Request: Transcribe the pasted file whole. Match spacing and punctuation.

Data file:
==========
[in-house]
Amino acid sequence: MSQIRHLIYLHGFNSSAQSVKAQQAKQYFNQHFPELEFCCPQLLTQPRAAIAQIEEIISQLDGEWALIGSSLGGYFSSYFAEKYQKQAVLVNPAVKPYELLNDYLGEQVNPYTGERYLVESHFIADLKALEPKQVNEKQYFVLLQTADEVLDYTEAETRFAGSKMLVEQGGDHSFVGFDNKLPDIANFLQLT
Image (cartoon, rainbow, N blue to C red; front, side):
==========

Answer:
[in-house]
Amino acid sequence: MSQIRHLIYLHGFNSSAQSVKAQQAKQYFNQHFPELEFCCPQLLTQPRAAIAQIEEIISQLDGEWALIGSSLGGYFSSYFAEKYQKQAVLVNPAVKPYELLNDYLGEQVNPYTGERYLVESHFIADLKALEPKQVNEKQYFVLLQTADEVLDYTEAETRFAGSKMLVEQGGDHSFVGFDNKLPDIANFLQLT
Image (cartoon, rainbow, N blue to C red; front, side):